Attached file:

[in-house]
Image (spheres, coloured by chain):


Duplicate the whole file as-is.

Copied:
[in-house]
Image (spheres, coloured by chain):